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|Title:||High-sensitivity detection of the A3243G mutation of mitochondrial DNA by a combination of allele-specific PCR and peptide nucleic acid-directed PCR clamping|
Sang Ho Kim
Kyushu University, Faculty of Medical Sciences
|Keywords:||Biochemistry, Genetics and Molecular Biology;Medicine|
|Citation:||Clinical Chemistry. Vol.50, No.11 (2004), 2045-2051|
|Abstract:||Background: The A3243G mutation of mitochondrial DNA (mtDNA) is involved in many common diseases, including diabetes mellitus and mitochondrial encephalomyopathy with lactic acidosis and stroke-like episodes (MELAS). For detection of this mutation, allele-specific PCR is highly sensitive but requires strict control of PCR conditions; it thus is not adequate for a routine clinical test. We aimed to develop a routinely available PCR method for quantitative detection of low-level heteroplasmy of the A3243G mutation. Methods: Quantitative allele-specific PCR for the A3243G mutation was performed in the presence of peptide nucleic acid (PNA), in which PNA is complementary to the wild-type mtDNA, with one primer having a 3′ end matched to nucleotide position 3243 of the mutant. Results: With our method, amplification of wild-type mtDNA was suppressed 7000-fold compared with amplification of the mutant mtDNA under a broad range of conditions: DNA, 5-100 ng; annealing temperature, 61-66 °C; and PNA, 1.5-3.5 μmol/L. Hence, 0.1% heteroplasmy of the A3243G mutation can be reliably quantified by this method. Blood samples form 40 healthy volunteers showed <0.06% heteroplasmy, suggesting that 0.1% is diagnostically significant. Conclusions: PNA maintains the specificity of allele-specific PCR over a wide range of conditions, which is important for routine clinical testing. © 2004 American Association for Clinical Chemistry.|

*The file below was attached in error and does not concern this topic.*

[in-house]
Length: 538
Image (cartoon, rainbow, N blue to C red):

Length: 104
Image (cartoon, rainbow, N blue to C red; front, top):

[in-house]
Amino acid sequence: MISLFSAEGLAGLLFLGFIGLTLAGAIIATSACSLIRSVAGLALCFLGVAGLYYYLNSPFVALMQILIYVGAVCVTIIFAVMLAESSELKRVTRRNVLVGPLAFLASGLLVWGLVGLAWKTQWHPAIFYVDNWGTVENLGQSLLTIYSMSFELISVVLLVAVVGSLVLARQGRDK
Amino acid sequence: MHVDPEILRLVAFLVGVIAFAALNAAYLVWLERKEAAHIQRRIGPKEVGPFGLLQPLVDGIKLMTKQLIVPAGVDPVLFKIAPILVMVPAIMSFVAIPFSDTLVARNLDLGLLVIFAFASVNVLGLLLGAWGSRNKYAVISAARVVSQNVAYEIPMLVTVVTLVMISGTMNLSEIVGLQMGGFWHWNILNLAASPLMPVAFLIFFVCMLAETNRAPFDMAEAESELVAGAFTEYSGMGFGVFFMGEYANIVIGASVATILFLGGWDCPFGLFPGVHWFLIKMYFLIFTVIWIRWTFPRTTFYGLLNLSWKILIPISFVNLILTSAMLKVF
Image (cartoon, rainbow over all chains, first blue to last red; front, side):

|Appears in Collections:||Scopus 2001-2005|
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